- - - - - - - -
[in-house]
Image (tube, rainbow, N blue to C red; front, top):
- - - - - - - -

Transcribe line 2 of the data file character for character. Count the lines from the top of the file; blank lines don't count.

Image (tube, rainbow, N blue to C red; front, top):